but the Sunday after is not in, but These statements appear to me out of the Ember week. incorrect. Did not the Jewish ample, the first Ember days are, worship begin with singing? And if “the Wednesday, Friday, and Saso, there is nothing of necessity turday after the first Sunday in “irrational or incongruous” in the Lent." The Ember week therefore practice. Praise, the Ritualist says, commences on the first Sunday in does not become us at entering Lent, in which the prayer should be the threshold of God's house ; but read: but the week is over on Sawhat says the Psalmist? “ Let us turday night ; so that the second come before his presence with Sunday in Lent falls beyond the thanksgiving ;" and again, “ Enter Ember week. So of the Whithis gates with thanksgiving, and sunday Ember-week, the prayer into his courts with praise." Queen should be read on Whitsunday: Elizabeth's Injunction, the Ritualist but the week is over before Trinity says, prescribes the first singing after Sunday. Your correspondent, therethe Apostles' Creed ; but upon turn- fore, is wrong in directing it to be ing to the
Prayer-book, I read differ- read on that day. The same applies ently : “ The whole Book of Psalms to the other two Ember weeks. The collected into English metre....set truth is, that clergymen often forget forth and allowed to be sung in all the prayer on the Sunday before the churches, of all the people together, Ember days; and then tack it on
the next Sunday, thus making are not much noticed, and produce Monday the first day of the week comparatively little effect. instead of Sunday. The best place Your correspondent suggests the for the marginal note, recommended probability that a sheet will ere long by your correspondent, is opposite be provided, containing the movethe prayer which precedes the prayer able feasts for the year. But does of St. Chrysostom. If placed oppo- not every Almanack do this ? and site the Ember prayer, instead of re- are not sheet Almanacks already to minding the clergyman beforehand, be found in most town and city it will not be seen unless recollected churches; besides which, the “ Clerand looked for; and is therefore like gyman's Almanack” gives even the the American warning sign-board lessons for the day. What can a which said, “ When this board is Ritualist require further ? under water beware of crossing the Your correspondent again thinks stream, as it is not fordable." his brethren negligent in not using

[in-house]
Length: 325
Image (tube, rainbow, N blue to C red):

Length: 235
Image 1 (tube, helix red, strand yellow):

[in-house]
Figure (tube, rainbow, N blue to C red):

I doubt the propriety of your the Vigil-collect, as prescribed in correspondent's recommendation to the Rubric before the Collects, the clergy to read more frequently Epistles, and Gospels. But in most the prayers and thanksgivings rela- churches the evening service is seldom tive to the weather, and times of used except on Sundays,when no vigil dearth and famine. I used some of or fast is allowed ; that solemnity these prayers the first year or two being kept on the preceding SaturI was in orders, but have rarely day. In colleges and cathedrals, done so since. Our climate is too where the Evening Service is used, fickle, and seasons among us are too the Vigil-collect is always read; and variable, to allow of the frequent I presume the same is done in papublic use of these prayers and rochial churches and chapels, when chanksgivings : besides which the the juncture happens. Clergymen, expressions are far too strong for who have a weekly Evening Service, ordinary vicissitudes of weather; should of course never fail to use nor can we always tell what weather the Vigil-collect where it occurs. If is, nationally speaking, best. The any neglect this, your correspondfirst summer I was in orders, my ent's warning will be useful. farmers were rejoicing in the fine It is not allowable, though it weather for gathering in their corn, would be often convenient, to and I used the thanksgiving proper announce the Sunday or Saint's for the occasion ; but after service day before reading the collect. my poor cottagers, who depended Your correspondent thinks this far chiefly upon their potatoe gardens, more necessary than to announce each having a strip of land allowed the day of the month before the them at a low rent, came and told Psalms; but the latter is sancme they hoped it would please God tioned by long usage, and probably to send rain, for their crops were arose out of a specific direction; parched up, and they feared they whereas the latter was not considershould scarcely have a sack of po- ed necessary; for till of late years tatoes for their winter store. I have the mass of the people were much scarcely known in many years a better acquainted with the church season in which such expressions days than the days of the month ; as “ thy late plague of immoderate and even now our peasantry more rain and waters,” or the reference often date from Lammas, Martinto “ the drowning of the world ex- mas, &c., to say nothing of the cept eight persons,” would not have four quarter-days, than from the excited a feeling of astonishment corresponding days of the month. rather than sympathy in the con. It would also be unseemly in the gregation, especially in towns and midst of prayer to stop to give out, cities where the changes of weather“ such or such a Sunday after Tri